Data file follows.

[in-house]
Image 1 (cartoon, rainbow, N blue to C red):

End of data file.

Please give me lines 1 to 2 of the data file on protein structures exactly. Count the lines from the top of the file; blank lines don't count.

[in-house]
Image 1 (cartoon, rainbow, N blue to C red):